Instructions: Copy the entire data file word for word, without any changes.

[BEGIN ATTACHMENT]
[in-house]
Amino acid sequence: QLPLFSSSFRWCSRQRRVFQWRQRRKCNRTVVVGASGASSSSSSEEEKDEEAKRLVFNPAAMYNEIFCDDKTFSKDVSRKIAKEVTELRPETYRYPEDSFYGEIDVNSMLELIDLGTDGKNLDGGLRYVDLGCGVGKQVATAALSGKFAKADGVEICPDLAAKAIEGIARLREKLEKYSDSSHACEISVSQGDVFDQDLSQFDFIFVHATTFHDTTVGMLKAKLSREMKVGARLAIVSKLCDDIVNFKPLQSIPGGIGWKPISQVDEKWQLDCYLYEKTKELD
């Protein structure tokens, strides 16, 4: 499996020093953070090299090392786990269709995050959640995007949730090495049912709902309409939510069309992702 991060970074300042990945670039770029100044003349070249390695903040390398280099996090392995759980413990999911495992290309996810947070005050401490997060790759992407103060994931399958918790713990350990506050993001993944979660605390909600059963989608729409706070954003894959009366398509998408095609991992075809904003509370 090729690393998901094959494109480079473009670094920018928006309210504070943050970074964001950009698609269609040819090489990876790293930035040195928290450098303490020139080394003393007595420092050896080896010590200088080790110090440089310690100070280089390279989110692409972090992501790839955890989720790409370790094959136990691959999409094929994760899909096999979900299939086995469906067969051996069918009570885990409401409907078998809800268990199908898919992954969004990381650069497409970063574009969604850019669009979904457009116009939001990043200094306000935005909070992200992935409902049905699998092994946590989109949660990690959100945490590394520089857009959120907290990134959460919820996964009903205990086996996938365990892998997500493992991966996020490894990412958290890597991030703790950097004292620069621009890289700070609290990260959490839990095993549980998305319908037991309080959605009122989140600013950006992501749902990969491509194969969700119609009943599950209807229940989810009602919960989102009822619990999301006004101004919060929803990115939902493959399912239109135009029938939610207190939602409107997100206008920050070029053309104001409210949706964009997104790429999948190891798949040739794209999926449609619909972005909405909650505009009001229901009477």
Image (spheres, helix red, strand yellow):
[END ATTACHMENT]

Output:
[in-house]
Amino acid sequence: QLPLFSSSFRWCSRQRRVFQWRQRRKCNRTVVVGASGASSSSSSEEEKDEEAKRLVFNPAAMYNEIFCDDKTFSKDVSRKIAKEVTELRPETYRYPEDSFYGEIDVNSMLELIDLGTDGKNLDGGLRYVDLGCGVGKQVATAALSGKFAKADGVEICPDLAAKAIEGIARLREKLEKYSDSSHACEISVSQGDVFDQDLSQFDFIFVHATTFHDTTVGMLKAKLSREMKVGARLAIVSKLCDDIVNFKPLQSIPGGIGWKPISQVDEKWQLDCYLYEKTKELD
């Protein structure tokens, strides 16, 4: 499996020093953070090299090392786990269709995050959640995007949730090495049912709902309409939510069309992702 991060970074300042990945670039770029100044003349070249390695903040390398280099996090392995759980413990999911495992290309996810947070005050401490997060790759992407103060994931399958918790713990350990506050993001993944979660605390909600059963989608729409706070954003894959009366398509998408095609991992075809904003509370 090729690393998901094959494109480079473009670094920018928006309210504070943050970074964001950009698609269609040819090489990876790293930035040195928290450098303490020139080394003393007595420092050896080896010590200088080790110090440089310690100070280089390279989110692409972090992501790839955890989720790409370790094959136990691959999409094929994760899909096999979900299939086995469906067969051996069918009570885990409401409907078998809800268990199908898919992954969004990381650069497409970063574009969604850019669009979904457009116009939001990043200094306000935005909070992200992935409902049905699998092994946590989109949660990690959100945490590394520089857009959120907290990134959460919820996964009903205990086996996938365990892998997500493992991966996020490894990412958290890597991030703790950097004292620069621009890289700070609290990260959490839990095993549980998305319908037991309080959605009122989140600013950006992501749902990969491509194969969700119609009943599950209807229940989810009602919960989102009822619990999301006004101004919060929803990115939902493959399912239109135009029938939610207190939602409107997100206008920050070029053309104001409210949706964009997104790429999948190891798949040739794209999926449609619909972005909405909650505009009001229901009477």
Image (spheres, helix red, strand yellow):